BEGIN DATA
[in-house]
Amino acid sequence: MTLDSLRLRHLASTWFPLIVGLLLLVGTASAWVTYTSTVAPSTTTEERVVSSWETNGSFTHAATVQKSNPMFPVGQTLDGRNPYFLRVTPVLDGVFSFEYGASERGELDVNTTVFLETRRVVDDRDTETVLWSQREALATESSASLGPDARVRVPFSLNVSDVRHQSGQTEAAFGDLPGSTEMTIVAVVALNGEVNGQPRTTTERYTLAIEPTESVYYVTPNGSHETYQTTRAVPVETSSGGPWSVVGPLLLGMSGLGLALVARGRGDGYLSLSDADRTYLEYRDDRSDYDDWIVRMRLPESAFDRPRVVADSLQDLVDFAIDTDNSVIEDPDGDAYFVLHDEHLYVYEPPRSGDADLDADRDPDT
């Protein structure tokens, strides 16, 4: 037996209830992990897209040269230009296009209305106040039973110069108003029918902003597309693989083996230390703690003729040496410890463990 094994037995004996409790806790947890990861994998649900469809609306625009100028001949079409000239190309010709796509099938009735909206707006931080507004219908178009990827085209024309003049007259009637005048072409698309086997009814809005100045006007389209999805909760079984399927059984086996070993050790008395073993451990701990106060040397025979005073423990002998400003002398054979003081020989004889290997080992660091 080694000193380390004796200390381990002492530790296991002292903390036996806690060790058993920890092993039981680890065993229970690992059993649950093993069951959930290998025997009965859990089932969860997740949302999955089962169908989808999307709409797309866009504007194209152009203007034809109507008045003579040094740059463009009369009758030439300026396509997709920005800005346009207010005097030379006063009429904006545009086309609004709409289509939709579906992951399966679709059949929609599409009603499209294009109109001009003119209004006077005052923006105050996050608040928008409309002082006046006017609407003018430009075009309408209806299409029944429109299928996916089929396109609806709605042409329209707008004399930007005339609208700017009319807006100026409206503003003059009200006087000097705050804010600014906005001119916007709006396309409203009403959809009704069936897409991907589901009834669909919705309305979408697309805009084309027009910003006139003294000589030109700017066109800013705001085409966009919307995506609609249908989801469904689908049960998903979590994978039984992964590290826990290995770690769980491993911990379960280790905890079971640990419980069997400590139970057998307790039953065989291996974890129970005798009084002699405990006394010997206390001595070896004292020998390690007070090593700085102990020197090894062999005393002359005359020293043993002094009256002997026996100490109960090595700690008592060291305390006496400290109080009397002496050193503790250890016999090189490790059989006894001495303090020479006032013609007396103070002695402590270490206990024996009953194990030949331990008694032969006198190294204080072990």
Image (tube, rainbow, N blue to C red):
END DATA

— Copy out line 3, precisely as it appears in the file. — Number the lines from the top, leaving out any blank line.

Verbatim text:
């Protein structure tokens, strides 16, 4: 037996209830992990897209040269230009296009209305106040039973110069108003029918902003597309693989083996230390703690003729040496410890463990 094994037995004996409790806790947890990861994998649900469809609306625009100028001949079409000239190309010709796509099938009735909206707006931080507004219908178009990827085209024309003049007259009637005048072409698309086997009814809005100045006007389209999805909760079984399927059984086996070993050790008395073993451990701990106060040397025979005073423990002998400003002398054979003081020989004889290997080992660091 080694000193380390004796200390381990002492530790296991002292903390036996806690060790058993920890092993039981680890065993229970690992059993649950093993069951959930290998025997009965859990089932969860997740949302999955089962169908989808999307709409797309866009504007194209152009203007034809109507008045003579040094740059463009009369009758030439300026396509997709920005800005346009207010005097030379006063009429904006545009086309609004709409289509939709579906992951399966679709059949929609599409009603499209294009109109001009003119209004006077005052923006105050996050608040928008409309002082006046006017609407003018430009075009309408209806299409029944429109299928996916089929396109609806709605042409329209707008004399930007005339609208700017009319807006100026409206503003003059009200006087000097705050804010600014906005001119916007709006396309409203009403959809009704069936897409991907589901009834669909919705309305979408697309805009084309027009910003006139003294000589030109700017066109800013705001085409966009919307995506609609249908989801469904689908049960998903979590994978039984992964590290826990290995770690769980491993911990379960280790905890079971640990419980069997400590139970057998307790039953065989291996974890129970005798009084002699405990006394010997206390001595070896004292020998390690007070090593700085102990020197090894062999005393002359005359020293043993002094009256002997026996100490109960090595700690008592060291305390006496400290109080009397002496050193503790250890016999090189490790059989006894001495303090020479006032013609007396103070002695402590270490206990024996009953194990030949331990008694032969006198190294204080072990």